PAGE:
Hi everyone, Keren here with a topic very dear to my heart. There is something utterly wonderful about the permanence of fabric. The way it drapes, or can be stiffened. The textural softness (or coarseness dependent on the weave). Its smooth surface perfect to be stamped on, painted on, stitched on. You can manipulate it, pleat it, divide it, slash it, use certain fabric's transparent properties to create interesting effects and layers. You can dye it, bleach it, add beads, or twigs. Why not combine it with paper, cardstock, Infusions, Rusting Powder, Fresco Finish Acrylic paint?
You can stencil onto it, burn it, quilt it, distress it and couch things into it. It would be hard to argue that fabric isn't one of the most versatile mediums around.
We're starting off with a mini masterclass on how to use fabric with paints and more. Liz Borer did a post a few years back, that if you're starting out with fabric, would be a fabulous place to start.
This ATC (there's a set of 4 in the post), is using Infusions, Muslin, Crinoline fabric, Distress markers, Embossing powder, felt and is well worth having a read to see how Wanda Hentges combined them all.
One of the easiest fabrics to get a clear image on is mercerised cotton, the smoothened tight weave makes it a great idea if clarity is your thing. With a more open weave, it becomes more challenging, but Ruth Mescall does a beautiful dive into hessian, hand stitching and Grunge Paste with some useful tips.
Jenny Marples take advantage of the soft and pliable properties of fabric to make this lovely snippets roll- perfect for leaving out in your home for inspiration or snipping into it to add to your art.
I always like an outlier and I'm squeezing in sisal simply to encourage those of you who don't like to sew, nor do much with fabric. Sisal and other fibres (sisal is made into a fabric sometimes, albeit the less glamorous backing for carpets and such) but I wanted to include it as a reminder for how to add softness and/or texture to projects when you perhaps are looking for the finishing touch like Miriam Grazier did here.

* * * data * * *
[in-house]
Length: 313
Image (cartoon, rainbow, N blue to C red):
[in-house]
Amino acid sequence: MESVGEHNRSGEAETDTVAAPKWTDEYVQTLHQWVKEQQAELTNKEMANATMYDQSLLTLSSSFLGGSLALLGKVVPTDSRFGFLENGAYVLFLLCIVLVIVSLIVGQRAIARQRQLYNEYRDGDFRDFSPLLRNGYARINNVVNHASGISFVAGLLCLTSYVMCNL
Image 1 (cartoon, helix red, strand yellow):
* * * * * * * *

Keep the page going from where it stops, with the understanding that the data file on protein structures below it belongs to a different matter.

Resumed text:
Jennie Atkinson is known for soft and vintage, and she uses the softness of muslin to help merge layers. This is also a useful technique for using fabric in a simple uncomplicated way.
Stencilling can be really impactful when done simply. I love the boldness of the red against the white cotton with this fabulously fun and sparkly Christmas stocking by Carol Fox.
Perhaps you could consider using fabric as a tie, or a binding for a journal?!
Fancy a more involved challenge? How about fabric paper? Anneke De Clerck runs through exactly how to do it.
Try using layers, with both the top layer and the underlayer providing a dialogue between them.
You may have heard of Cyanotype, and it's something you could easily do following this version's tutorial. If you stamped your PaperArtsy images and used those as the outlines, even better!
Fabric and stitching doesn't always have to be the star of the show- but maybe you'd like to incorporate fabric scraps or chunky fibres and you're wondering how to add them to a project- why not try couching like this wonderful nest of colourful scraps.
Perhaps you'd like to get a little more experimental with fabric and add fire into the mix! Ula Einstein is an artist who incorporates many mediums into her work; fire, Tyvek (a polyester fibres fabric), thread, rice paper and more.
If you'd like to paint with fabric- you can dye fabric for your palette and sew intricate shapes together. Dyeing fabric with Infusions to see the effects you can get would also be an interesting study. This next piece is a quilt that won 'Best In Show' which is a major accolade in the quilting community at the recent Festival Of Quilts in Birmingham (UK) in August. It's hard to believe this is achieved just with fabric.
Many of you love your journals and with so many options on how to create them; from scratch, using dies, using junk as the basis etc. Fabric journals are another option- and the joy is also in the construction before you ever get to fill it with your art and thoughts.
I hope this has given you some ideas for further experimentation. This post could have been significantly longer, but it's good to be left wanting something more isn't it! Whether you're not a sewer and just want to add fabric for its textural qualities, or you'd like to add embroidery or stitching to your art, do consider finding a little time to explore the options. Working with fabric is mostly very soothing (unless your thread tangles or you need to unpick mistakes ;-) ) and we'd love to see your fabric explorations!